German Taxpayers’ Alliance calls for VAT cut to offset electricity costs

As consumers battle with eye-watering electricity costs, the head of the German Taxpayers' Alliance has called for a drastic VAT cut and an abolition of the electricity tax.

A man working from home on a laptop
A man writes on his laptop while working from home. Photo: picture alliance/dpa | Sina Schuldt

Speaking to DPA on Friday, Taxpayers’ Alliance president Rainer Holznagel said that the discussion around high energy costs often neglected to mention how much the treasury benefits from these rising costs. 

This is because higher electricity prices also mean higher income for the government through taxes such as VAT, he explained.

Last year, the federal government earned additional revenue of about €12.5 billion through the newly introduced CO2 price.

READ ALSO: Why households in Germany face even higher electricity bills

Aimed at encouraging people to make more environmental conscious choices, this new levy charges consumers €25 for each tonne of CO2 released into the atmosphere when they purchase products such as petrol and gas.

Holznagel urged the traffic light coalition to make good on its promise to return the additional revenue from the CO2 price to the citizens.

He said this should be done by reducing VAT on electricity to just seven percent. 

Meanwhile, the electricity tax should be cut as far as EU competition laws allow, he said. 

Currently, tax on electricity stands at 19 percent, while the electricity tax adds a further seven percent onto people’s electricity bills. 

Scrapping the EEG levy 

To support households with rising energy costs, the cabinet has recently agreed on a plan to offer a lump sum to lower-income groups in June.

Support is to be given to recipients of housing benefits, students receiving government support (BAföG) and people who are in receipt of vocational training allowances. Housing benefit recipients who live alone will receive €135 and two-person households will receive €175. This will then increase by €35 for each additional person living in the household.

Meanwhile students and trainees will receive a lump sum of €115.

“About 2.1 million people in Germany will receive a one-time heating cost subsidy from the federal government starting this June,” said Construction Minister Klara Geywitz (SPD). Among them, she said, are pensioners, single parents or people who earn little. “They can’t put up with rising energy prices so easily.”

READ ALSO: German government to bring in heating allowance legislation ‘by March’

In an additional move to lower energy costs, the government has also promised to scrap the Renewable Energy Act (EEG) levy – a tax on energy that is used to fund renewable energy projects such as wind and solar.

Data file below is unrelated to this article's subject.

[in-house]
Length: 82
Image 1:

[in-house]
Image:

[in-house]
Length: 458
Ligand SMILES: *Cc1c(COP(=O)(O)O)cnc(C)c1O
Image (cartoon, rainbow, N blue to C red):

The government has already slashed the EEG surcharge by more than 40 percent and plans to scrap it entirely by January 2023 in an attempt to ease the burden of additional energy taxes on households.

But price comparison portals have claimed the effect of this tax cut hasn’t been felt by consumers, who are facing the highest prices in years. 

Discussions are currently underway in the government to end the EEG levy as early as July and not at the beginning of next year as previously planned.

This is being examined legally and financially, the Federal Ministry of Economics told DPA, but a decision has not yet been made. 

When the EEG surcharge is gone, the corresponding billions of euros for the promotion of green electricity will have be compensated for in the budget.

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Why German bank customers could soon pay less for their account

A major German bank is set to scrap fees on large balances - and a number of others look set to follow. Here's why people in Germany may be paying less for their savings or current account in the near future.

Why German bank customers could soon pay less for their account

What’s going on? 

Interest rates have been at rock-bottom levels for years, making it much harder for people to get returns on their savings.

In recent years, many banks have even been levying what’s known as negative interest rates on customers. If interest normally incentivises people to save by helping them to grow their money, negative interest basically does the opposite.

If you have a certain amount of money in the bank, your bank will charge you negative interest via a deposit holding fee, which will usually be a certain percentage of your balance.

With N26, for example, balances of over €50,000 are subject to a 0.5 percent fee each year. For a balance of exactly €50,000, that equates to €250 in bank charges just for keeping your money there. 

Some banks even charge a deposit holding fee for balances as low as €5,000 or €10,000 in a current account.